Home @ Capital One Arena Washington, DC2020 February 20th at 4:00pm
Home @ Little Caesars Arena Detroit, MI2020 February 20th at 4:00pm
The finale of the Rivalry Series between the U.S. women’s hockey team and their Canadian counterparts had a grander mission than selling women’s hockey, though the U.S. women’s historic first game in Southern California was a perfect promotion for an under-appreciated sport. It also launched or nurtured dreams among the kids who brought homemade signs and impressionable minds to Honda Center, inspiring them in ways they might not fully understand yet.
Fans who watched the U.S. defeat Canada 4-3 on Megan Bozek’s power-play goal during a scramble in front of the net 42 seconds into overtime Saturday saw strong, determined athletes ferociously compete for every inch of ice and loose puck. Some in the crowd of 13,320 — a record for the U.S. national hockey team on home soil — saw their future selves. Others got a peek at the future they hope their sisters, daughters or granddaughters will have a chance to enjoy.
Kids rushed to ice level during the warmups to press against the glass and hold up posters they’d made, glorious creations of wobbly letters and earnestly sketched red, white, and blue American flags. “Go USA. Kick Butt!” was one message. “We want the US to win,” proclaimed another, and others like it.
The game brought Kings fans together with Ducks fans and united members of the Lady Ducks youth hockey organization with the San Diego Junior Gulls and the L.A. Lions, the Kings’ program for girls and women. USA Hockey jerseys were popular, as were jerseys representing the Kings and Ducks and other NHL teams. Spontaneous chants of “USA!” broke out. So did gasps of awe or frustration. Small giveaway American flags were waved energetically by kids and adults, outnumbering scattered red-and-white Canadian flags.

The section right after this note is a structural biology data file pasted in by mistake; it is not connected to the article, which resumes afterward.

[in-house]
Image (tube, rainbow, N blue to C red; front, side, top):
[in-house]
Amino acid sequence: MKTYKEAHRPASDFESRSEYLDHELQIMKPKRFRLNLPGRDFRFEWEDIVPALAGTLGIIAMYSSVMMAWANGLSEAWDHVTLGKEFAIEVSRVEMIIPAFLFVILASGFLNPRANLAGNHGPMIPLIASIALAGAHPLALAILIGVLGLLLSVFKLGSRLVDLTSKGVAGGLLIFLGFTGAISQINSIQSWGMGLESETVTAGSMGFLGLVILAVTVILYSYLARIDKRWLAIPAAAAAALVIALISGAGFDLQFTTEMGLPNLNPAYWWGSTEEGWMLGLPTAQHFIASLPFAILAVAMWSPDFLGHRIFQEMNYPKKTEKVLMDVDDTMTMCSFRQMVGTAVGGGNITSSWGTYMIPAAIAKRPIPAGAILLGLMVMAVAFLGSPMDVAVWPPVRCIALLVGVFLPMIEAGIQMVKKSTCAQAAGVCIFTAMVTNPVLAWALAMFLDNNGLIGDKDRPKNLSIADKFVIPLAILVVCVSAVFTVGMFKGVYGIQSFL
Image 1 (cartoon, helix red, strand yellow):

The tone was passionate, as meetings between the reigning Olympic champion Americans and runnerup Canadians always are, even though the U.S. had clinched the series by winning three of the first four games. It was entertaining, featuring a brisk pace and the most precise passing on this ice this season — and yes, that includes you, Anaheim Ducks. It was a watershed moment.
“Pulling up to the building, I got the chills because of the building we’re in and you realize how big this is,” Tracy Clark of Saskatoon, Canada, the mother of Canada center Emily Clark, said as she and her husband, Del, chatted with friends on the concourse level before the game. “It’s so exciting. They always play hard and you never know which way it’s going to go.”
Bryce Drysdale and Joyce Chen of Huntington Beach came to the game with friends Chelsea Lancaster and Michael Tseng of Irvine.
“I love to support women’s sports,” Lancaster said.
Chen saw the U.S. and Canadian women play a three-on-three exhibition at the NHL All-Star game and wanted to see them again. “They had the women in the skills event, and that was really fun,” Chen said.
Bo Ford brought his 16-year-old granddaughter Gia, who plays hockey in Cathedral City. “We figured we’d come and check out this game and see what women’s hockey is all about,” he said.
They saw a game that was close throughout. The U.S. scored first, when Hilary Knight got a stick on a long shot by Bozek two minutes and 37 seconds into the first period, but Canada responded when Jill Saulnier drove to the net to jab a pass from Rebecca Johnston past U.S. goaltender Alex Cavallini at 3:01. Loren Gabel put Canada ahead on a two-on-one with a shot from the left side, and the U.S. matched that at 18:24 when Dani Cameranesi’s shot got between goalie Genevieve Lacasse’s arm and the post.
Canada pulled ahead at 2:56 of the second period, when Melodie Daoust capitalized on a defensive zone turnover by the Americans and beat Cavallini with a backhander. Monique Lamoureux-Morando brought the U.S. even nine minutes into the third period on a pass from former Lady Duck youth star Annie Pankowski of Laguna Hills, who had won a puck battle along the boards.
The winner of the game and the series was women’s hockey, which has struggled to sustain a professional league. Elite players have shunned the National Women’s Hockey League this season in favor of working to create a more stable league, and they’ve had to take extraordinary measures to maintain their skills. They formed the Professional Women’s Hockey Players’ Assn., which has staged clinics and scrimmages to provide the women a chance to play; ideally, the NHL will step in and provide logistic and financial support. It hasn’t done so, though including female players in the All-Star skills events was a positive step.
The U.S. and Canada probably will meet again in the World Championships, which will be played March 31 to April 10 in the Canadian cities of Halifax and Truro. They could play every week and it still wouldn’t be often enough to satisfy hockey fans and the young dreamers who watched so enthusiastically Saturday.